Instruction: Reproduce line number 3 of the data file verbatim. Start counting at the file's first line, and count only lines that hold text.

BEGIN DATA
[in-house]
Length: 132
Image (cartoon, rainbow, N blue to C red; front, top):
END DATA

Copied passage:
Image (cartoon, rainbow, N blue to C red; front, top):